I took out some expenses: forex, fuel and non-recurring. Forex because the charge is volatile and we want to compare how the two operate against each other. Fuel because it is the largest cost to both and also volatile, with WTI fluctuating and each company having their own hedges. Though fuel is a real expense, I just want to take a look at the advantage of WJA. Earning an extra penny does not seem like much, but put over the total ASM of 18,000,000 (ttm) and you can see the advantage. WJA even expanded capacity during the recession, although not by much. We also know that WJA has a pretax ROIC in the mid-teens, excellent for an airline.


  • Price to TBV is 1.25
  • Ev/Average Ebitda is 6.0
  • Price to 3yr average E is 14
  • Price to peak E is 7.8
  • Trading at half of EPV

Well, not cheap. But not expensive given the competitive advantage. I know what you are thinking, what about oil prices? Yes, fuel is WJA biggest expense, at around 30%. But there are some things to keep in mind:

  • WJA has only a single class configuration plane, this keeps the maintenance/service expense cheaper as you don’t need to train technicians on many different types of aircraft
  • WJA has a very young fleet, with the average 4.8 years old
  • The average stage length per flight is growing. With so much fuel being burnt on take-off, keeping the plane in the air longer will help the fuel mileage
  • 20% is hedged, although not at an attractive price
  • Generally rising oil price brings a rising Canadian dollar, which will help mitigate the the higher costs when translated back to the Canadian dollar

We can look into our crystal ball and try to predict future earnings through the RASM-CASM spread using normalized numbers. Lets try capacity expansion of 10% in the next year, followed by 5% for each of the next 4 years. The airline has 90 planes now and plans to have 114 by end of 2014, with 135 by 2017. By 2014 WJA could have 23,500,000 ASM. With average RASM at 0.14, gives us 3.3 billion in revenue. CASM (ex-fuel) at 0.055 or 1.2 billion. Now fuel, I will just say that the cost of fuel will double from today, or about 1.3 billion. This brings EBIT to 0.9 billion (3.3-1.2-1.3). I don’t know what WJA debt load will be or how much cash they will have, so I will just say fair price is 5X EBIT or 4.2 billion, or around $29 dollars per share. A another big risk how many shares will be outstanding. The different stock options plans as well as the employee share purchase plans has slowly increased the amount of shares outstanding. Lets say for the next 5 years that the diluted share count increased by 3% per year bringing the total to 168 million shares by 2014. This will decrease the fair value to $25/share by 2014. Using a discount rate of 15% plus an extra 25% margin of safety, I get a trigger of $9.50. I cannot emphasize how crude these numbers are, so don’t let this be your only source of valuation. It just gives you an idea of what is possible. Of course, these can change very quickly, and this is the type of company that may loose its advantage at any time. If that happens, you do not want to own WJA.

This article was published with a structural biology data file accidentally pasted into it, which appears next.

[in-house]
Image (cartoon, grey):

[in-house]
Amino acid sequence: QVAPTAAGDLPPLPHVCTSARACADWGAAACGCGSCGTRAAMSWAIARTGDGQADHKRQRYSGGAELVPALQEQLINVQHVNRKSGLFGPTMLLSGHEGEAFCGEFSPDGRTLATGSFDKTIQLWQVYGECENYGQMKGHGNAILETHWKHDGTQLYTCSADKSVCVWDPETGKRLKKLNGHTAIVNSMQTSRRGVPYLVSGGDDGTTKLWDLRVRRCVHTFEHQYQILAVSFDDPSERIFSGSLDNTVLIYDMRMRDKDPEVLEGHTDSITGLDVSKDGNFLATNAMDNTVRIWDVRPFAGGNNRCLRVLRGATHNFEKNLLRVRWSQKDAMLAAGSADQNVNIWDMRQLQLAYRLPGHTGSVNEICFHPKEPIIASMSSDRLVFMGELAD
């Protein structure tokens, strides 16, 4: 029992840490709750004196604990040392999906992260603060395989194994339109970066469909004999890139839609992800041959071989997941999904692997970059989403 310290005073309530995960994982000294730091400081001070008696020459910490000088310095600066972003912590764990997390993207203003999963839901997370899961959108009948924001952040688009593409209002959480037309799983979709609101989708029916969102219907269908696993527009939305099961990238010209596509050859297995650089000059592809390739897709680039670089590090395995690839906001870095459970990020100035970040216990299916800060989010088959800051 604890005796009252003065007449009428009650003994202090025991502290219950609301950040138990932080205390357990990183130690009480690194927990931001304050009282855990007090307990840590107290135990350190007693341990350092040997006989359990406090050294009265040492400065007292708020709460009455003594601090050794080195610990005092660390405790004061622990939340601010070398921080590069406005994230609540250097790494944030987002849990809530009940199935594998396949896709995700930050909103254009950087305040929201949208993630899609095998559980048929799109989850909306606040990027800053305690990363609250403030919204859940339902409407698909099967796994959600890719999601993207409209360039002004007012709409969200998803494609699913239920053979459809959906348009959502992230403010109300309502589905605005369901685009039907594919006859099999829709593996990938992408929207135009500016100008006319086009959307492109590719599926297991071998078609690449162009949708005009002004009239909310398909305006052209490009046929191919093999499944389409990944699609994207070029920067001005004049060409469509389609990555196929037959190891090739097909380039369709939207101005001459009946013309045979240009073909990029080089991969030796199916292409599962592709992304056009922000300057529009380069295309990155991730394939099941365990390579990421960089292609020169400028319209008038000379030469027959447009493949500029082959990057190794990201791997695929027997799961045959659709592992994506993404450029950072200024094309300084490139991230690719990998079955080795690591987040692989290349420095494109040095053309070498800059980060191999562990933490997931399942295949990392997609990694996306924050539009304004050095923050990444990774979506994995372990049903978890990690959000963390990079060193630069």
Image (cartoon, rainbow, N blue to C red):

• Economy
  • Oil
  • Competition. Though WJA still has an advantage over AC.A, there is always the threat of added competition. AC.A has done some restructuring lately, thereby reducing the advantage that WJA has.
  • Management/execution. We hope that management continues to exploit their advantage. They must continue it, even if the capital markets don’t like it.


I have owned WJA for years, it was one of the first stocks I bought. It is almost a rite of passage to hold on to a cyclical through a recession and feel the pain when the share price gets cut in half. That is why you need to use valuation metrics and have the ability to laugh at the “price targets” of analysts. I remember when everyone was tripping over themselves to raise the price target for WJA. If that isn’t the sign of a top, I don’t know what is. For the record, I went heavy into WJA under 10 (around 12% of my portfolio). Given the strong balance sheet and competitive advantage that WJA has, I am comfortable owning shares here. All this doesn’t take into account any possible new code-sharing plans. I put fair value at $20-$25 and under anything under $11 is time to back up the truck (or plane, get it?). Maybe Mr.Market will give us that gift again.


The author is long WJA at time of writing.

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Filed under Company Analysis